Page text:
In the Blog
Unexamined privilege: Bite Me! Festival review, part 2
This is part two of my previous post reviewing the Bite Me! Toronto International Film and Arts Festival.
A Question of Beauty is a Canadian documentary directed and narrated by Moncton-based Colleen Furlotte that seeks to answer the question: what is beauty? The film features approximately 20 women of varying ages, and uses art and other creative pursuits in an effort to broaden the audience’s definition of beauty. The film is a feel-good celebration of beauty that asks the women involved to speak against the beauty ideal and celebrate their own beauty through art, dance, and discussion.
As a critical look at conventional definitions of beauty, however, this film falls extremely short. While watching it, I wondered: while it does contain a few positive elements, can anything be gained from such a problematic film?
Of the 20 women featured in the film, all are white. The film argues for breaking away from beauty conventions regarding body size, age, and standards of hair, makeup and clothes, but does not mention whiteness in the beauty ideal.
Worse still, the film discusses women of colour in two separate instances (possibly in an attempt to be “inclusive”) that made my mouth hang open.
In the first, the director interviews a white woman who paints portraits of black women. She doesn’t know these women - some of them seem to be of famous opera singers. She explains that she likes to paint black women becuse she appreciates the aesthetic beauty of their dark skin contrasting with light in the paintings. There is no discussion of how the beauty ideal affects black women, only a white woman speaking for the absent women in her paintings. Experience is ignored; a white gaze is all that’s needed for approval for these voiceless black women. Women of colour are literally treated as objects.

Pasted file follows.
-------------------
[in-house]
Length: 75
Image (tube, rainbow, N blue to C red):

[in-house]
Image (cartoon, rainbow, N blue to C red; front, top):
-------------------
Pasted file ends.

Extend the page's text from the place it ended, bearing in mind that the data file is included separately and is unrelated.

The second mention of women of colour features the director interviewing a white cultural anthropologist, who discusses women she has met while conducting anthropological research around the world. Again, this perspective ignores the voices of the women being discussed. The anthropologist explains that she found these women particularly beautiful because they “live their cultures” in such an “honest and authentic” manner. The lives of these women are exotic and interesting to the white anthropologist. The anthropologist defines these women’s beauty in terms of their otherness, their exoticness, framing their lives in contrast to a Western, middle-class norm.
The film also completely fails to acknowledge class privilege. A former model, when interviewed, explains that she believes we are most beautiful when we are “fully present” in the moment and taking pure notice of our surrounding, not occupied with other worries, such as work or children. A particularly good way to experience beauty is to take long walks alone, appreciating nature. The film ignores the inherent class privilege in this advice: how can a working-class single mother take time to focus on being her “fully present,” beautiful self and forget bills and daycare? Can someone working two jobs take time to walk alone in the woods and appreciate the beauty of nature? Can someone who lives in an inner-city co-op and doesn’t own a vehicle access lakes and forests?
I think I felt most betrayed when I found the director’s website while researching this post, because while the racism and classism were overt in the film, this part was not. The message expressed in A Question of Beauty is that beauty is all around us, and we should reject the maintream beauty ideal that tells us we must fight aging and keep our bodies to a certain size and shape. The film is incredibly problematic in its dismissive treatment of women of colour and its classist perspective, but I was willing to hope that its couple of good points could be a first step toward something. Then I found Furlotte’s website and saw she has published a book called The Extraordinary Life, which is - wait for it - a weight loss book. Not just any weight loss book: a book that promises to teach you how to lose weight “from simply living the way we are designed to live.”
Because Furlotte’s personal experience is universal! The way she has chosen to live her life is perfect for everyone, and will make them thin! And although she has argued in her documentary and in the description of her book on her website that we must find beauty in ourselves and not in unattainable ideals, she has written a book about achieving one’s “ideal weight” (but in case you hoped for acknowledgement that a fat body could be someone’s personal ideal weight, don’t forget that “natural, lasting weight loss” is the promise). The book was published in 2007. The film was produced in 2009. She currently promotes both. She actually features a couple of fat women in the film.
Shameless readers, I want to know: if an important message is mixed up in unexamined privilege, racism, classism and hypocrisy, can we gain anything from the parts of the message we agree with? Is a film like A Question of Beauty anything other than dangerous and problematic?